I’m actually not messy. I’m terrible at waking up early. I’m terrible at a lot of things. I’m terrible at technology—anything computer-oriented. And I’m terrible at making anything on time, which I’m really working on. Actually, at Parsons, I was always really late, and you can’t be late at Parsons. You really get into trouble.

You, along with Alexander Wang, Prabal Gurung, Joseph Altuzarra, etc., are part of New York’s new guard. How do you think the creative climate here is changing?
Right now, New York fashion week is at its best. We have the most young talent [succeeding] at the same time for the first time in a long, long while, and this is the first time that we’ve really been acknowledged on an international level in a long time. That has to do with the fact that our generation’s outlook is global, rather than local. If you look at Style.com, you can read that anywhere in the world. That certainly helps. Having that kind of recognition all over the world is something that is quite rare. We’re experiencing something of a moment, a movement.

Why is that, do you think?
It is, in so many ways, New York’s time. All [of the young designers] in New York come from different international backgrounds. I think that’s a very nice representation of what New York fashion is about—it’s about diversity; it’s about fresh ideas; it’s about making its own statement, because we don’t have the hundreds of years of history. We’re really still, as a whole, quite new at it.

Jason Wu Fall 14

Do you remember how you felt when you were designing your Parsons graduate collection?
It’s so funny because I went to Parsons and my major was menswear, yet I make the most fit-and-flare dresses you could possibly imagine. I guess after going to the very masculine side, I felt like I was much more comfortable in the very feminine side, and eventually the combination of the two became my work as we know it today.

Why were you initially drawn to menswear?
I always liked the idea of tailoring. I always felt making a jacket was the most difficult thing, and it is still the most difficult. Sometimes the cleanest things with the least amount of details are the most intricate.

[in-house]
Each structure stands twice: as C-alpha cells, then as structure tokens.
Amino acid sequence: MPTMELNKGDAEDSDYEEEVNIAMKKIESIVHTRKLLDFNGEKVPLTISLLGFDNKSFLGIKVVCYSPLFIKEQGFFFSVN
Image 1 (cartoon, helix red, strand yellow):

What do fashion students need to know that isn’t necessarily taught in school?
It’s that the fashion industry isn’t by-the-books. It’s not about following one specific route, it’s about paving your own way and making it your own. That’s what makes fashion interesting—individual visions—and not one person breaks through in the same way. We all get into it slightly differently—I worked in toys first.

Speaking of toys, I read that back in the day, you did a RuPaul doll?
I worked with RuPaul once! It was a long time ago. We made a RuPaul doll and it was wildly successful and that’s how I met him. Of course, RuPaul’s Drag Race is my favorite show ever. It’s like the best show on television. RuPaul is kind of the ultimate supermodel, and I have an obsession with supermodels.

Jason Wu RuPaul

Does your former life as a toy designer ever inform your fashion designs?
Attention to detail is what links my work as a toy designer and a fashion designer. Most people say I went from dressing toy dolls to real dolls. That’s kind of the press-y version of it. But in actuality, I did everything from designing the sculptural form of the dolls to the industrialization of the molds to the manufacturing. I always knew how to create a really good product, and I think that experience primed me for this industry.

How important has business savvy been to your success?
The balance between creativity and business-savvy is something that every young designer needs to be aware of, because it’s the reality of our industry. Having that balance is something that my generation of New York designers really thinks about.

What is your advice to fashion students who want to be the next Jason Wu?
I don’t know if they do want to be the next Jason Wu! But my advice is seize every opportunity and work hard. It sounds so obvious to say that, but the glamour of the industry can get distracting sometimes, and at the end of the day it’s about the work. I work weekends all the time—there’s no such thing as overtime for me because my own time is overtime. And I don’t have any vacations, so cancel those family plans.

Photo: Alessandro Garofalo / Indigitalimages.com; Leandro Justen/BFANYC.com; FilmMagic; Alessandro Garofalo / Indigitalimages.com; Getty Images